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EPHC board weighs in on new Verizon cell tower near its campus

At Eastern Plumas Health Care’s Dec. 5 board meeting, Josh Hart spoke during public comment about the Verizon proposal to build a 133-foot cell tower 200 feet from the Portola hospital.

Representing Plumas County Residents for Safer Telecommunications, he noted that Verizon has a cell tower on Beckwourth Peak already, and that RF (radiofrequency) radiation should be kept away from the hospital.

Hospital patients are often more vulnerable, and some people who want to use the hospital’s services won’t be able to because they are sensitive to the effects of radiation, he said. Hart requested that the board write a formal letter to the city of Portola, saying that they objected.

The board responded positively to Hart’s request. However, acting CEO Jayne O’Flanagan said they would need to check with the hospital attorney, as it was her understanding the board didn’t “have a right to write a letter.”

Board Vice Chairman Paul Swanson disagreed. “I question that,” he said, “we can take a stand [if it] impacts health and care of patients in this hospital.” McGrath agreed with Swanson, but told O’Flanagan to go ahead and check “the legality” of it.

The board then held a special meeting Dec. 13 to approve the letter to the city prior to the next public hearing on the conditional use permit for the tower, which was held on Wednesday, Dec. 18, at Portola City Hall.

O’Flanagan reported that the board voted to have her write a letter to the Portola City Council “asking that they decline the variance request and take time to develop a comprehensive ordinance to address the placement of towers in the city of Portola.”

Former CEO’s severance agreement finalized

The board voted to approve the final version of former CEO Todd Plimpton’s severance agreement. O’Flanagan explained that, per the board’s instructions, she and EPHC attorney Steve Gross came up with the final agreement, which Plimpton and O’Flanagan, as acting CEO, both signed.

New building

There was mention by McGrath, who also sits on the board’s planning committee, of a meeting with staff and architects regarding new building plans.

According to McGrath, “We decided which new buildings are imminentand need to be done.” The architects, she said, will “put it all together and come back to the board” for approval at the beginning of January. She didn’t specify the nature of the construction projects, and she didn’t respond to a request for comment on recent board activities.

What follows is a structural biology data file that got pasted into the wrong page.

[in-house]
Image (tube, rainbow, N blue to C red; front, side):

Clinic upgrades and provider departures

Clinics Director Rhonda Grandi reported that Anthem Blue Cross did a clinics audit in October and “there was a lot of documentation deficiency,” but EPHC has received $60,000 in grant funding from Anthem BC for upgrades, including onsite training for provider education, quality measures, and upgrading note templates to meet documentation requirements. In addition, the funding will pay for an intensive customer service training program to help the clinics create an “organizational, cultural shift in terms of focusing on patients,” said Grandi.

Finally, they will be able to replace the stress echo machine at the Graeagle Clinic, which is used heavily by Dr. Dhond for his cardiac patients. The current machine, according to Grandi, is still utilizing VHS tapes. “With this money, we can do these things,” she said.

Also, she reported that long time FNP Mary Morrison is out “until the end of the year at least.” And, Dr. Aggarwal, who joined EPHC this past January, will be leaving in January of 2020 “for personal reasons.” Grandi reported that they are currently searching for new primary care physicians.

Acting CEO’s second act

Acting CEO Jayne O’Flanagan returns to the role for a second time. She reported that Corina Corrbridge will be heading the ambulance service on an interim basis. She said that an EPHC ambulance was totaled recently when it was hit by a drunk driver. The replacement ambulance was delivered Dec. 7.

A second new ambulance is also on its way, thanks to Bob Franks of Eastern Plumas Rural Fire Protection District.

According to O’Flanagan, Franks searched online and found the ambulance. Corrbridge and CFO Katherine Pairish quickly completed the purchase. Then, Franks and his wife Elaine flew to Texas and drove the ambulance back.

When she asked Franks why he did that, O’Flanagan reported he told her, “Because the community means so much, and we need to have the services available.”

“That’s an incredible display of their sense of community,” said O’Flanagan. “There’s no way to express what we owe to them for doing that.”

Finally, she reported that the board has been asking about quality measures, and “We’re starting to get it working again.”

Donna Dorsey who, along with Penny Holland, is “keeping nursing going” in the absence of a CNO, said they are interviewing for a quality coordinator. They have collected information from incident reports, said O’Flanagan, but there hasn’t been any analysis, and no action has been taken.

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